A .500 record never looked so good. Many prognosticators had UT going 0-4 or at best 1-3 in its first four games. Against what would be considered a murderers' row for any Mid-American Conference team, the Rockets have held their own. When Tim Beckman first saw his 2009 nonconference schedule and saw only one true home game — against Colorado — and three games away from the Glass Bowl against Purdue, Ohio State and Florida International, he knew his team would be challenged. He also understood the physical toll that matchups against two Big Ten schools and a Big 12 school would take on his team, capped off with a long trip to Miami.
What might be even more remarkable than the 2-2 record is the relative health of the team. UT will be missing only one starter due to injury — sophomore tight end Danny Noble (ankle) — Saturday at Ball State. Beckman said that he credits the team's medical staff for giving his players the best care possible so that the nicks and dings suffered through the course of the year don't turn into nagging injuries. He also gave plenty of kudos to strength and conditioning coach Rick Court, who spent the offseason and much of training camp getting the Rockets into great shape.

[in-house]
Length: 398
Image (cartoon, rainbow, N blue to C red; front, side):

So far UT has exceeded expectations and somehow survived its meat-grinder of a schedule. Now the Rockets must find a way to sustain that momentum as MAC play opens this weekend.